1: The first section will create a text file ($fs.dat) for each filesystem in the replfs.list file you made eariler.

for fs in `cat replfs.list`
         do
         nas_replicate -info $fs | egrep 'Celerra|Name|Current|Estimated' > $fs.dat
         done
 The output will look like this:
Name                                        = Filesystem_01
Source Current Data Port            = 57471
Current Transfer Size (KB)          = 232173216
Current Transfer Remain (KB)     = 230877216
Estimated Completion Time        = Thu Nov 24 06:06:07 EST 2011
Current Transfer is Full Copy      = Yes
Current Transfer Rate (KB/s)       = 160
Current Read Rate (KB/s)           = 774
Current Write Rate (KB/s)           = 3120
 2: The second section will create a blank csv file with the appropriate column headers:
echo 'Name,System,Estimated Completion Time,Current Transfer Size (KB),Current Transfer Remain (KB),Write Speed (KB)' > replreport.csv

3: The third section will parse all of the output files created by the first section, pulling out only the data that we’re interested in.  It places it in columns in the csv file.

         for fs in `cat replfs.list`

         do

         echo $fs","`grep Celerra $fs.dat | awk '{print $5}'`","`grep -i Estimated $fs.dat |awk '{print $5,$6,$7,$8,$9,$10}'`","`grep -i Size $fs.dat |awk '{print $6}'`","`grep -i Remain $fs.dat |awk '{print $6}'`","`grep -i Write $fs.dat |awk '{print $6}'` >> replreport.csv

        done
 If you’re not familiar with awk, I’ll give a brief explanation here.  When you grep for a certain line in the output code, awk will allow you to output only one word in the line.

For example, if you want the output of “Yes” put into a column in the csv file, but the output code line looks like “Current Transfer is Full Copy      = Yes”, then you could pull out only the “Yes” by typing in the following:

 nas_replicate -info Filesystem01 | grep  Full | awk '{print $7}'

Because the word ‘Yes’ is the 7th item in the line, the output would only contain the word Yes.

4: The final section will send an email with the csv output file attached.

uuencode replreport.csv replreport.csv | mail -s "Replication Status Report" user@domain.com

Step 3:

Copy and paste the modified code into a script file and save it.  I have mine saved in the /home/nasadmin/scripts folder. Once the file is created, make it executable by typing in chmod +X scriptfile.sh, and change the permissions with chmod 755 scriptfile.sh.

Step 4:

You can now add the file to crontab to run automatically.  Add it to cron by typing in crontab –e, to view your crontab entries type crontab –l.  For details on how to add cron entries, do a google search as there is a wealth of info available on your options.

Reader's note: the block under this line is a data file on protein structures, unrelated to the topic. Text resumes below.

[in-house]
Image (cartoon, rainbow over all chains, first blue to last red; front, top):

Script Code:

for fs in `cat replfs.list`

         do

         nas_replicate -info $fs | egrep 'Celerra|Name|Current|Estimated' > $fs.dat

        done

 echo 'Name,System,Estimated Completion Time,Current Transfer Size (KB),Current Transfer Remain (KB),Write Speed (KB)' > replreport.csv

         for fs in `cat replfs.list`

         do

         echo $fs","`grep Celerra $fs.dat | awk '{print $5}'`","`grep -i Estimated $fs.dat |awk '{print $5,$6,$7,$8,$9,$10}'`","`grep -i Size $fs.dat |awk '{print $6}'`","`grep -i Remain $fs.dat |awk '{print $6}'`","`grep -i Write $fs.dat |awk '{print $6}'` >> replreport.csv

         done

 uuencode replreport.csv replreport.csv | mail -s "Replication Status Report" user@domain.com
 The final output of the script generates a report that looks like the sample below.  Filesystems that have all zeros and no estimated completion time are caught up and not currently performing a data synchronization.
Name System Estimated Completion Time Current Transfer Size (KB) Current Transfer Remain (KB) Write Speed (KB)
SA2Users_03 SA2VNX5500 0 0 0
SA2Users_02 SA2VNX5500 Wed Dec 16 01:16:04 EST 2011 211708152 41788152 2982
SA2Users_01 SA2VNX5500 Wed Dec 16 18:53:32 EST 2011 229431488 59655488 3425
SA2CommonFiles_04 SA2VNX5500 0 0 0
SA2CommonFiles_03 SA2VNX5500 Wed Dec 16 10:35:06 EST 2011 232173216 53853216 3105
SA2CommonFiles_02 SA2VNX5500 Mon Dec 14 15:46:33 EST 2011 56343592 12807592 2365
SA2commonFiles_01 SA2VNX5500 0 0 0

Auto generating daily performance graphs with EMC Control Center / Performance Manager

This document describes the process I used to pull performance data using the ECC pmcli command line tool, parse the data to make it more usable with a graphing tool, and then use perl scripts to automatically generate graphs.

You must install Perl.  I use ActiveState Perl (Free Community Edition) (http://www.activestate.com/activeperl/downloads).

You must install Cygwin.  Link: http://www.cygwin.com/install.html. I generally choose all packages.

I use the follow CPAN Perl modules:

Step 1:

Once you have the software set up, the first step is to use the ECC command line utility to extract the interval performance data that you’re interested in graphing.  Below is a sample PMCLI command line script that could be used for this purpose.

:Get the current date

For /f “tokens=2-4 delims=/” %%a in (‘date /t’) do (set date=%%c%%a%%b)

:Export the interval file for today’s date.

D:\ECC\Client.610\PerformanceManager\pmcli.exe -export -out D:\archive\interval.csv -type interval -class clariion -date %date% -id APM00324532111

:Copy all the export data to my cygwin home directory for processing later.

copy /y e:\san712_interval.csv C:\cygwin\home\<userid>

You can schedule the command script above to run using windows task scheduler.  I run it at 11:46PM every night, as data is collected on our SAN in 15 minute intervals, and that gives me a file that reports all the way up to the end of one calendar day.

Note that there are 95 data collection points from 00:15 to 23:45 every day if you collect data at 15 minute intervals.  The storage processor data resides in the last two lines of the output file.

Here is what the output file looks like:

EMC ControlCenter Performance manager generated file from: <path>

Data Collected for DiskStats

Data Collected for DiskStats – 0_0_0

                                                             3/28/11 00:15       3/28/11 00:30      3/28/11  00:45      3/28/11 01:00 

Number of Arrivals with Non Zero Queue     12                         20                        23                      23